BEFORE you read this post, make sure to check out Part 1!
I was recently asked by my wife to participate in a couples series for this website, that consisted of a video and a blog. The series covers various topics, but my wife and I were asked to provide our “experience” and “wisdom” on conflict. I think we were chosen for this topic because we are the elders of the group. My wife and I have been married nearly 25 years. I am not an expert on marriage, nor do I profess to be any kind of expert on relationships, and writing on this topic was a real struggle for me. In fact, this is the second version of my blog on the subject.
Those who know me well know that I am a very introverted person. I keep things to myself and deal with my feelings in my own way. This has caused a great deal of conflict in our marriage. In fact, this is probably the number one item that April and I have fought about over the years.
I have also been described as having a melancholy personality, and my writing style has been described as having a 'stream of consciousness' quality (not sure if this was a compliment or not). So, when I finished the first version of this blog, the result was a very honest, but dark and cathartic piece. I wrote about the struggles I've had with conflict in our marriage and painted a picture that was not truly representative of the first 20 years of our marriage. So when I asked April to read my draft and provide feedback, it was not the reaction I had hoped for. I could tell she was struggling with the message of the blog.
She finally did share how she felt. It’s not important to share the details of the conversation here, but what is important is we talked through it without raised voices, without trying to belittle the other, without me shutting down, and without me trying to prove I was “RIGHT.” We had a very good conversation about what I had written, why I had written what I did, how it made her feel, and what message I attempted to send. See, in the earlier years of our marriage, this would have resulted in a huge fight. April would have shared her feelings, I would have felt like she was attacking me and would have become very defensive. Nothing good would come out of it and we would have been angry for a while.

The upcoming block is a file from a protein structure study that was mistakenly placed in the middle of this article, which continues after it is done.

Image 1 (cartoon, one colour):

How we got to this point in our marriage is the result of many small steps, a major challenge in our marriage, and turning to God. My wife and I deal with conflict in very different ways and this is why for most of our marriage, our conflict was unproductive. April likes to talk through the conflict, root out every feeling, and expect resolution right then. I, however, have to process, think through it, weigh my options, and think through the consequences before speaking and pushing on. This drives April nuts and causes her to talk even more, which in turn drives me nuts. It wasn’t until a crisis a few years ago that we learned how to deal with this. In the midst of all the anger and pain, I learned how to communicate my feelings (well, got better at it). I learned how to understand my wife’s way of dealing with conflict, how to turn to God in prayer for compassion, forgiveness, wisdom, and how to deal with my own internal conflict. April has said, among other things, that she learned how I process conflict and that it is OK to walk away from the conflict unresolved. Don’t misunderstand me...we still have conflict in our marriage and we still fight about things. The difference now is, through our faith in God and respecting each other’s process, the conflicts are not unproductive. We work through them and sometimes we just agree to disagree and move on. Even when the cable box battery has nothing to do with the alarm, but that is a story for another time.
The first blog will never see the light of day, but I think it is wonderful how God worked through that blog to remind me how far we have come in dealing with our conflict and how much God has played a role in my own dealing with our external and my internal conflict.
Here is to another wonderful 25 years!
Jeff has been married to his wonderful wife, April, for nearly 25 years and has been blessed with three beautiful, intelligent, independent daughters (Savannah, Ansley, and Kendal). He is a true introvert who would rather spend time in quiet settings with those closest to him. He is described as committed, true to himself, consistent, honest and direct. Jeff’s walk with God took a detour during his 20’s and 30’s. It wasn’t until a rough season in his mid-40’s that he rediscovered his relationship with God and the church. Jeff loves music and this is where he finds God’s grace and inspiration in his day-to-day life.